Health chiefs STILL don't know how elderly Brit caught swine flu in freak ... trends now

Health chiefs STILL don't know how elderly Brit caught swine flu in freak ... trends now
Health chiefs STILL don't know how elderly Brit caught swine flu in freak ... trends now

Health chiefs STILL don't know how elderly Brit caught swine flu in freak ... trends now

Health officials today admitted they still have no idea how an elderly Brit caught a strain of swine flu never seen here before.

The unidentified patient, now known to be aged over 75 and from North Yorkshire, had a 'mild' illness and recovered fully at home. 

The disease was only caught by fluke when they were randomly tested by their GP, sparking fears that the H1N2 virus was spreading under the radar.

UK Health Security Agency (UKHSA) bosses have yet to spot any more cases amid their scramble to contain a potential outbreak.

But they confessed 'some limited degree' of human-to-human transmission 'may have occurred'. 

The unidentified patient, now known to be aged over 75 and from North Yorkshire, had a 'mild' illness and recovered fully at home. The disease was only caught by fluke when they were randomly tested by their GP, sparking fears that the H1N2 virus was spreading under the radar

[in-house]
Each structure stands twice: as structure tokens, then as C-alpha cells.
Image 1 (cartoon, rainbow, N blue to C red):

The unidentified patient, now known to be aged over 75 and from North Yorkshire, had a 'mild' illness and recovered fully at home. The disease was only caught by fluke when they were randomly tested by their GP, sparking fears that the H1N2 virus was spreading under the radar

Symptoms of swine flu ¿ which sparked a pandemic that raced around the world in 2009 ¿ mirror those of regular flu and Covid. But it doesn't spread easily between humans. Most cases occur among people exposed to infected pigs, such as any visitors of country fairs and farmers. Swine flu cases surge in pigs in autumn and winter

Symptoms of swine flu — which sparked a pandemic that raced around the world in 2009 — mirror those of regular flu and Covid. But it doesn't spread easily between humans. Most cases occur among people exposed to infected pigs, such as any visitors of country fairs and farmers. Swine flu cases surge in pigs in autumn and winter

Officials revealed that one household contact and one other contact of the patient 'were symptomatic'. 

But their symptoms had already resolved by the time they were identified and they were not tested while unwell. 

The infected Brit visited their GP on November 9 and received their lab result two weeks later on November 23.  

The UKHSA is still undertaking 'rapid work' to identify how the virus was acquired. 

The Brit did not work with pigs and 'no direct contact' between the patient and 'any animal' was reported.

'The presence of a symptomatic household contact, means that some limited degree of human-to-human transmission may have occurred,' they said.

Meera Chand, incident director at UKHSA,

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